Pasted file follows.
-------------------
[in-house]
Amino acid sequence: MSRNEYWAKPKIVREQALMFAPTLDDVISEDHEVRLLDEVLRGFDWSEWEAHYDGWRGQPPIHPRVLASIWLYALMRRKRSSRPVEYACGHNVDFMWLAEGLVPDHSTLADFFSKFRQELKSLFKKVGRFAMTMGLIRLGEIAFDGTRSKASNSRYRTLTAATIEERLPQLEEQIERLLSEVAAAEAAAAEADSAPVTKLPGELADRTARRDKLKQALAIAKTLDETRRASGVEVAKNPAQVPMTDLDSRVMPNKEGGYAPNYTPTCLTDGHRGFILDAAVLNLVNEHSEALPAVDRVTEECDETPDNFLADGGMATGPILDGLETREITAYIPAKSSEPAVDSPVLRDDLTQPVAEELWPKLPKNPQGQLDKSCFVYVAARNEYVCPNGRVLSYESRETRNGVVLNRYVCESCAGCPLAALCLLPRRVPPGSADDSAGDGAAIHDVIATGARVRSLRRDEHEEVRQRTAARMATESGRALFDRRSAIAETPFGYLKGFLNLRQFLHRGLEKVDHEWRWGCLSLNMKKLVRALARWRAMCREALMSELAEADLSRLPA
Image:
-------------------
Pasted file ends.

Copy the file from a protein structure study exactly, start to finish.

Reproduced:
[in-house]
Amino acid sequence: MSRNEYWAKPKIVREQALMFAPTLDDVISEDHEVRLLDEVLRGFDWSEWEAHYDGWRGQPPIHPRVLASIWLYALMRRKRSSRPVEYACGHNVDFMWLAEGLVPDHSTLADFFSKFRQELKSLFKKVGRFAMTMGLIRLGEIAFDGTRSKASNSRYRTLTAATIEERLPQLEEQIERLLSEVAAAEAAAAEADSAPVTKLPGELADRTARRDKLKQALAIAKTLDETRRASGVEVAKNPAQVPMTDLDSRVMPNKEGGYAPNYTPTCLTDGHRGFILDAAVLNLVNEHSEALPAVDRVTEECDETPDNFLADGGMATGPILDGLETREITAYIPAKSSEPAVDSPVLRDDLTQPVAEELWPKLPKNPQGQLDKSCFVYVAARNEYVCPNGRVLSYESRETRNGVVLNRYVCESCAGCPLAALCLLPRRVPPGSADDSAGDGAAIHDVIATGARVRSLRRDEHEEVRQRTAARMATESGRALFDRRSAIAETPFGYLKGFLNLRQFLHRGLEKVDHEWRWGCLSLNMKKLVRALARWRAMCREALMSELAEADLSRLPA
Image: